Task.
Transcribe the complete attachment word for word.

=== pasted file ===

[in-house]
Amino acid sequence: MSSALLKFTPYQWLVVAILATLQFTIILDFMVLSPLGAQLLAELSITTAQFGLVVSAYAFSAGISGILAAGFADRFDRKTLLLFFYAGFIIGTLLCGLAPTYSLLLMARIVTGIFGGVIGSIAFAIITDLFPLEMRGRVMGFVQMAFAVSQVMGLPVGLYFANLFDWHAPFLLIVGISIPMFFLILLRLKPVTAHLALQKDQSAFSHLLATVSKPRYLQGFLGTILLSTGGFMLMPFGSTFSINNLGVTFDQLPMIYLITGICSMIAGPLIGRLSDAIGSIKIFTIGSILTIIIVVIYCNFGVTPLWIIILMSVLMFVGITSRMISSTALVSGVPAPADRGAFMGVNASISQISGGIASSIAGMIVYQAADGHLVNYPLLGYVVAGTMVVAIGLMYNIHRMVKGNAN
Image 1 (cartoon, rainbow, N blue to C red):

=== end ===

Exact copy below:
[in-house]
Amino acid sequence: MSSALLKFTPYQWLVVAILATLQFTIILDFMVLSPLGAQLLAELSITTAQFGLVVSAYAFSAGISGILAAGFADRFDRKTLLLFFYAGFIIGTLLCGLAPTYSLLLMARIVTGIFGGVIGSIAFAIITDLFPLEMRGRVMGFVQMAFAVSQVMGLPVGLYFANLFDWHAPFLLIVGISIPMFFLILLRLKPVTAHLALQKDQSAFSHLLATVSKPRYLQGFLGTILLSTGGFMLMPFGSTFSINNLGVTFDQLPMIYLITGICSMIAGPLIGRLSDAIGSIKIFTIGSILTIIIVVIYCNFGVTPLWIIILMSVLMFVGITSRMISSTALVSGVPAPADRGAFMGVNASISQISGGIASSIAGMIVYQAADGHLVNYPLLGYVVAGTMVVAIGLMYNIHRMVKGNAN
Image 1 (cartoon, rainbow, N blue to C red):